I can’t look for more freelance work. It’s not because I’ve got a lot of work on my plate or I gave up looking for projects to work on. I’m literally forced not to look for more work. Have you ever experienced something similar before?
There are plenty of reasons that could cause you to put your freelancing business on hold. A family emergency, college, having a baby, moving out of your old apartment, relocating, and traveling are just some of the many things that can force you to keep your working hands on your lap. In my case, it’s college this September.
Turn “Unavailable” into “Under Renovation”
But then I realized that just because I can’t expand my freelancing career with more client work doesn’t mean I can’t do anything to promote it further.
Instead of looking at the break in projects with an evil eye, I intend to grab it as an opportunity to give my business a much-needed overhaul. In my opinion, that’s better than wallowing in sorrow over the missed opportunities.
With good time management, dedication, and a solid plan for a relaunch, I’m sure anyone who’s had to put freelancing on hold can get back on their feet with more knowledge and provide more business value than they did at first.
Promote Your Business While It Is on Hold
Here are seven great ideas that you can do whenever you find yourself unable to take on freelance work:
- Continue providing quality work. If you’re currently working on a couple of projects, don’t let the quality slip away. Continue to provide the same quality of service that your present clients expect from you until the contract is over. Once it’s done, let your clients know that you’ll remember to inform them the next time you are available again. If they love your work, they’ll probably refer you to other people as well.
- Reconnect with yourself. Being too busy with client projects, I almost forgot what it was like to write for myself again. Now that I’ve got more free time, I’m able to reconnect with the inner me, get back in touch on my passions, and enjoy writing all over again. And because I love writing again, that passion can be seen once more in my work.
- Start a new project (or two). Have you been wanting to start a self-made project, but couldn’t make it happen because of a lot of client work coming in? Well, now that you’ve got more time on your hands, perhaps this is the perfect opportunity to start making magic. You can then use the project as a new portfolio piece or turn it into a new source of income.
- Polish your skills. Lack of practice and application can leave your freelance skills dull and old. Take this time to polish them up again by taking an online course, trying out a new technique, or keeping your skills sharp through that new project we just talked about.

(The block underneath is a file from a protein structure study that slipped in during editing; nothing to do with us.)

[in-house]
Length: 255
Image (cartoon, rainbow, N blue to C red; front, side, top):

- Learn more. Reading the best books or learning from renowned experts of your field are good ways to learn and stay in touch with what’s going on in the industry. Blogs, online news, and social media are popular gold mines for new knowledge, so pick up your pickaxe and start mining away.
- Keep networking online and offline. Even without client work to busy yourself with, you can still promote your freelance business by interacting with other people. Join communities, engage in conversation, share your thoughts about interesting blog posts, and help others out. In the long run you gain trust and relationships, which are vital when running a freelance business.
- Plan out your freelance business relaunch. I’m sure that after learning new things, sharpening your skills, and getting to know more people in your industry, you’ve gained some new ideas for your business that could really work at relaunch. Plan them all out carefully and see how you can introduce these new ideas to the market, especially to your future clients.
Letting Go Isn’t an Option
Letting my freelance career go and disappear into the vortex of cyber-mystery is not an option for me, so I went ahead and planned out what I was going to do to keep my freelancing career afloat while finishing my degree.
For now, I’m reading the international edition of The Elements of Style by Strunk Jr. and White, which is an excellent book for writers. Apart from reading, I try to connect with fellow freelancers, blog regularly, and have just started on a second personal project.
I’m doing all this with one main goal in mind, and that’s to relaunch my freelancing career with better business practices, higher quality work, and a stable income.
Let’s hear from you now. Have you ever been in a situation that’s forced you to stop taking more freelance work? What did you do to use the extra time?
Image by benimoto